Noise impact assessments involve analysing the acoustic environment of a proposed construction project. The aim of these assessments is to formulate an accurate and useful prediction of how much noise will be generated whilst the project is underway. This assessment can be done by using a spreadsheet to total up all of the noise outputs from various sources in decibels, or it can be done using a computer simulation. Such assessments are very useful for health and safety purposes, as well as for legal purposes.
The importance of conducting a noise impact assessment for your next construction project: Health and Safety
The human ear can only tolerate a certain level of noise. For example, noises of 100 decibels will start to damage the ear after just a quarter of an hour of exposure to that noise. At just 10 decibels lower, you will be able to withstand up to two hours of constant exposure before damage will start to occur. This damage can include permanent or temporary hearing loss and hearing disturbances such as tinnitus. In some cases, loud noises can completely rupture the eardrum, which can be very painful and take weeks to heal. Thus, having an accurate idea of how much noise (in decibels) will be generated by your construction project will indicate how dangerous the project will be for the health and safety of the workers and other personnel on site, and for the general public. The Noise impact assessments will help you to see where you need to provide your workers with ear protection to ensure that they do not suffer ear damage. The assessment will also give you an idea of how long you can safely have workers employed continuously on a given task before they will need to take a break to ensure that their ears do not suffer from prolonged exposure to a loud noise. Where very loud noises are involved, it is advisable to prevent the general public from entering the site completely.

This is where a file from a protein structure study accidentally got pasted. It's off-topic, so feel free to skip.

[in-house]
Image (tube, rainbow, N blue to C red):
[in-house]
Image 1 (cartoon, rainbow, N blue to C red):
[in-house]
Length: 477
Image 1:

Legal compliance and Health and Safety
Prolonged loud noises that interfere with the day to day life or business activities of the general public around your building site could legally be designated a ‘nuisance’. In order to ensure that you do not fall foul of the law of nuisance, it is crucial to conduct a detailed noise impact assessment for your project. If the assessment indicates that there will be unavoidable loud noises involved in your project and that these are likely to cause a nuisance to businesses and residential properties nearby, it is time to consider your options. These could include providing insulating cladding around the construction site to absorb the majority of the noise, or relocating your project to a more remote site.
Have you conducted all relevant noise impact assessments?
If not, it is time to ensure that these noise impact assessments are completed before you begin work on your construction project.